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The Nerd Side Of Life

Anatomy of a Slot: Can You Have Too Many Ways to Win?

By and large, the casino industry holds to its traditions like few others. Games like roulette, poker, blackjack and baccarat look and play pretty much the same way today as they did a century ago. Sure, you might find new variants of these games, but the fundamentals remain the same. Pluck someone out of the 1950s and pop them in front of a roulette game, and they would have no problem understanding what’s going on. 

But when it comes to slot games, there has been more of an evolutionary process. And this has accelerated in recent years. That evolution has parallels with the video game industry. In short: games are more sophisticated and, arguably, entertaining. And yet, the changes in slot games are a little more fundamental. And you might even wonder whether it is a good thing for the players and the casino industry itself. 

Artify – Square

To be clear, we should give an explanation of what we mean. Most slot games in the past would be structured with a single win line. You pulled the handle, and you aimed to match a couple of Bells or Cherries on that line as doing so would win a prize. Some games might have had three lines, or even five, but it was all fairly simple. 

The internet literally changed the game

Once the online casino industry launched in the 1990s, games then became digital. That gave software developers scope to create more sophisticated slots. Games with ten win lines, then 20 win lines, 30 and 50, soon followed. By the late 2000s, you could easily find slots online with 100 win lines. And, soon after, it became common for developers to release games with 243 win lines – this covers every possibility from left to right in a 5-reel, 3-row slot (i.e., 3x3x3x3x3 = 243). 

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In 2016, Playtech released the seminal Buffalo Blitz slot with 4,096 Ways. The word “Ways” has become the industry term for win line. Now, it’s hard to describe to a non-casino player just how popular Buffalo Blitz is – it was a smash hit success for Playtech, and the company even uses it today as its flagship game for live casino slots. Having over 4,000 ways to win with each spin ramps up the potential for the game, and players seem to still adore it five years after its release. Indeed, like every good Hollywood blockbuster, it even has a sequel – Buffalo Blitz II.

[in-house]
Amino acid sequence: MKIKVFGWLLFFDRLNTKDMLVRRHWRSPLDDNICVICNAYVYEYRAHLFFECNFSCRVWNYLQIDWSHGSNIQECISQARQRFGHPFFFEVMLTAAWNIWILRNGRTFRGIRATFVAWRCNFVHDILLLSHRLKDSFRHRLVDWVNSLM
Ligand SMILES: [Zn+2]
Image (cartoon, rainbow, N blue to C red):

But perhaps due to the success of Buffalo Blitz and similar games, there seems to have been a bit of a rush for slots developers to outdo each other in the race to create games with more ways to win. Most notably, there is Megaways, a style of slot with 117,649 Ways potentially unlocked to win in each spin. Not content with that, some developers have created games like One Million B.C Megaways, which, as you can guess by the title, has up to a million ways to win. 

Parallels (sort of) with disposable razors

In a strange way, all of this is reminiscent of the companies that sold disposable razors in the 1990s and early 2000s. Back then, you’d see Gilette release a razor with three blades, then one with four blades. Wilkinson Sword would then respond with a five-blade razor, and so on, until it started getting ridiculous. And that’s our point: Could slots be like razors with too many blades? Are there too many ways to win? 

To be fair, even though having a million win lines seems like it would be confusing, the games actually remain very simple to play. You can’t really make mistakes with slots, so it’s not as if you are going to mess it up by doing the wrong thing. But there is perhaps something lost in making games with such a vast number of outcomes. There is no defined goal – due to the use of multipliers, there isn’t even a finite jackpot figure for these games. 

For many players, the sweet spot was probably hit with Buffalo Blitz, which offers high octane gameplay where you can get still a handle of what is going on. Megaways games are also popular – and you can understand why people love them. But what comes next? Ten million Ways? A billion? Will slots developers be accused of jumping the shark?

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